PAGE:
I am currently working on an Oaxaca Blinder decomposition on wage gap between males and females. In the unexplained part, there is a constant. In my model this constant has a value of 0.6 whilst the total of the unexplained part is 0.152.

Why is the value of this constant so big and what does this constant mean in the Oaxaca Blinder model?

Here is my output: enter image description here

  • 1
    $\begingroup$ I don't think you are going to get much help unless you either post your code and the output (perhaps using a public dataset like the oaxaca.dta that's bundled with Stata's oaxaca command) or you show us the mathematical formula for your decomposition. As it stands, this is akin to saying I made coffee and there's something floating in it. What could it be? $\endgroup$
    – dimitriy
    Commented Apr 12, 2016 at 17:03
  • $\begingroup$ Thanks for your reaction! I now added a picture with my output $\endgroup$
    – sanne
    Commented Apr 13, 2016 at 16:01

1 Answer 1


The constant is really just the difference in the intercepts from separate log wage regression for men and women. Here's a reproducible$^*$ example:

use http://fmwww.bc.edu/repec/bocode/o/oaxaca.dta
reg lnwage educ exper tenure if female==0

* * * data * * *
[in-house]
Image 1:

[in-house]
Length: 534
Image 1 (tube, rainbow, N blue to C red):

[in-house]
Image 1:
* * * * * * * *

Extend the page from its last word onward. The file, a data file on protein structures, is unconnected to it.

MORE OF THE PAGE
estimates store M
reg lnwage educ exper tenure if female==1
estimates store F
qui suest M F
lincom _b[F_mean:_cons]-_b[M_mean:_cons]
oaxaca lnwage educ exper tenure, by(female) swap pooled detail

Here I used suest to combine separate male and female regressions and constructed a difference between the female and male intercepts from those regressions using lincom.

Here's the output from the last two commands:

. lincom _b[F_mean:_cons]-_b[M_mean:_cons]

 ( 1)  - [M_mean]_cons + [F_mean]_cons = 0

             |      Coef.   Std. Err.      z    P>|z|     [95% Conf. Interval]
         (1) |  -.1442439   .1624352    -0.89   0.375    -.4626112    .1741233

. oaxaca lnwage educ exper tenure, by(female) swap pooled detail

Blinder-Oaxaca decomposition                    Number of obs     =      1,434

           1: female = 1
           2: female = 0

             |               Robust